Proposed bill would raise the age of criminal responsibility in Texas
SAN ANTONIO -- In Texas, 17-year-olds are tried as adults, but many experts say 17 is too young.
House Bill 676 proposed by State Rep. Gene Wu (D-Houston) would raise the age of criminal responsibility from 17 to 18.
Supporters say it will give hundreds of thousands of young people who committed a nonviolent crime a second chance.
“At 18 you can be drafted in the military, you can buy a lottery ticket, you can vote, but at 17 you’re not able to do those things,” said Texas PTA President Lisa Holbrook. “Those are adult actions and adult decisions so why would we make an exception in that area when these are still teenagers?”
The Texas PTA is just one organization pushing to raise the age of mandatory prosecution as an adult.
“Texas is one of 7 states that still try juveniles as if they were adults,” said Holbrook.
Holbrook points out that in the juvenile system, parents have input in the situation, whereas when they're adults they have no knowledge.
“The other piece is the confidentiality system. If they're tried as adults their records are available to the public, whereas if they’re tried in the juvenile system their records are sealed,” said Holbrook. “That gives them the opportunity to truly have that rehabilitative experience.”
“The adult system's really not made for 17-year-olds,” said Bexar County Juvenile Probation Chief Probation Officer Lynne Wilkerson.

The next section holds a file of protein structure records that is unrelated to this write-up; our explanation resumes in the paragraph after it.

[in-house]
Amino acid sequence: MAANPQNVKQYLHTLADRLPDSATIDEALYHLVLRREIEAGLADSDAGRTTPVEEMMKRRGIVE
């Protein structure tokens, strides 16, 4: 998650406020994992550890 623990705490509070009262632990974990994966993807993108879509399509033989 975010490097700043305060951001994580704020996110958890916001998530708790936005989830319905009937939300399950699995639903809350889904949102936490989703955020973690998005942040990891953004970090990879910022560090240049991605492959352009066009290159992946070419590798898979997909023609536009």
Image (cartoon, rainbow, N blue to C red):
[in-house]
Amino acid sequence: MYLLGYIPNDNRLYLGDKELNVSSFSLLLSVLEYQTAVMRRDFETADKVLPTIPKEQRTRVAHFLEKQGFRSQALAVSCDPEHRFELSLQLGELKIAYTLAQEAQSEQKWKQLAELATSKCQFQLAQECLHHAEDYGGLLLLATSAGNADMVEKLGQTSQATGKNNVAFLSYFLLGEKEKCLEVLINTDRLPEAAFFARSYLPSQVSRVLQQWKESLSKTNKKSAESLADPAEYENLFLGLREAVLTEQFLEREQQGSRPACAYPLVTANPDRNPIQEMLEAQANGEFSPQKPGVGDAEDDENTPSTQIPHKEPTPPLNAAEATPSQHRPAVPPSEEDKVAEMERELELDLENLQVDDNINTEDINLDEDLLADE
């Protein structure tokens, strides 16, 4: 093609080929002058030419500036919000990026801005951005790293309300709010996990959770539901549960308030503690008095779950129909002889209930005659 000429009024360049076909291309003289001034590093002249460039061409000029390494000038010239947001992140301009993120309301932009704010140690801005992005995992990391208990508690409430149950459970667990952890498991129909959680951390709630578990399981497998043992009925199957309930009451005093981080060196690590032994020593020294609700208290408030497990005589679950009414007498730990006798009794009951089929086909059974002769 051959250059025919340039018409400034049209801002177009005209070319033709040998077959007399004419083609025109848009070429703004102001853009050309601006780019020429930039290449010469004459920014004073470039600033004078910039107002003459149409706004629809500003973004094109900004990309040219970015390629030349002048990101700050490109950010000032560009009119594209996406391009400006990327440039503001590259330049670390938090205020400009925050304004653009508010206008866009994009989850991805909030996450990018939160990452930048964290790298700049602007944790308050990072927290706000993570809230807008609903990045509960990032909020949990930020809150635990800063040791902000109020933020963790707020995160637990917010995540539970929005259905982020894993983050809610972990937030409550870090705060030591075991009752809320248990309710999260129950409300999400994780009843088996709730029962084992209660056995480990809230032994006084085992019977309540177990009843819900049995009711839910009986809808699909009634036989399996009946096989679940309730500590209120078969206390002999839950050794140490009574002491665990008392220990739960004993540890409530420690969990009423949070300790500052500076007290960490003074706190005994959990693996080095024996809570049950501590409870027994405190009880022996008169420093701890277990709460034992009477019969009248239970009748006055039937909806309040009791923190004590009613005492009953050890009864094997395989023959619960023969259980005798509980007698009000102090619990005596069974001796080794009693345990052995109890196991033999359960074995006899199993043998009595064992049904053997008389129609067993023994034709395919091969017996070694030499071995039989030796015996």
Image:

Wilkerson says most 17-year-olds arrested in Bexar County have committed nonviolent offenses.
“We know that 17-year-olds are very similar to 16 year olds,” she said. “In fact, we looked at a snap shot of 17-year-olds arrested in Bexar County and looked at the offenses, and they look very much like the offenses we see 16-year-olds commit.”
Wilkerson says once they are placed in an adult facility, teens are far more likely to go to jail again.
However, the state will need to figure out how to manage the cost to allow more teens into the juvenile system.
“There will be about a 30% increase in cases with 17-year-olds coming in over a period of time,” said Wilkerson. “There will be some challenges, but it's worth it.”
In 2015, the legislature commissioned a report that found it costs about $50 a day to incarcerate an adult.
Whereas it costs more than $350 to house a youth.
However, the report points out that generally, juveniles have shorter sentences resulting in lower costs overall.